Give an impressive look to your bathroom with Apex Bathroom Signs. Arch-shaped designs include a brushed metallic backplate and a hand-painted acrylic faceplate. Our gallery has a bunch of different legends and pictograms for bathrooms. You're sure to find what you need fr ...
What happens in the bathroom does not always stay in the bathroom. Improper hand hygiene means contamination and illness among your workforce. Bold Bathroom Instruction Signs help you communicate important messages.
Yes, there are two symbols in common use. They are the ISA and the SEGD.
We prefer the SEGD pictograms, and, at least for us, this pictogram is more common. The older ISA figure seems to be fading in general use.
The International Symbol of Accessibility (ISA) "stick-figure," is shown in the Federal ADA standards. It was originally supposed to be a wheelchair itself. And – its original intent was not to represent a person in a wheelchair! This comes as a surprise to almost everyone who has seen the symbol. The round shape at the top of the chair, to some, appears to be a head.
The other pictogram in the common signage vernacular is known as the "SEGD pictogram." It is similar to the "Male" and "Female" pictograms that are seen on restroomsigns all over the world. This SEGD pictogram was developed in response to the ISA "stick-figure" pictogram, and was drawn so that it would specifically match with other widely used pictograms. Most felt that the ISA figure was not well designed, and, to some, even misguided. Some felt that the wheelchair symbol should show a more active figure. Disabled individuals are on the move, often athletic, and a static chair symbol was felt to be unbefitting.
The SEGD figure, however, has not yet been recognized by the ANSI committee that oversees the pictogram design specifications ... so there remains some controversy about its use. Ultimately, it is up to the building owner to decide which symbol they want to employ. We find that most people prefer the SEGD wheelchair pictogram when it is used in conjunction with gender pictograms. The pictograms "match" stylistically – their line widths, spacing and body styles are consistent.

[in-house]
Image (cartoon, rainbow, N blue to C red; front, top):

In practice, and in our experience, we have yet to find an inspector that objects to the use of the SEGD pictogram. But at the end of the day, the choice of which pictogram to use is up to the building's management.
If you want to substitute the ISA "stick-figure" pictogram for a sign we now show with the SEGD pictogram – please contact us and we will gladly use the ISA pictogram for your sign.
Passing a driver’s test is not just about driving – but parking, too. What is a “Fire Lane”? What is “Reserved Parking”? Should you sit down when you see a No Standing Sign? What is idling? Parking spaces are ever more valuable and it is important to understand the parking rules. Bad parking cannot only lead to incredible frustration for legitimate parkers but delayed emergency response from fire fighters or ambulances. Too many drivers are unaware of the increasing number of rules that are posted in a parking lot. Take this free test to learn more.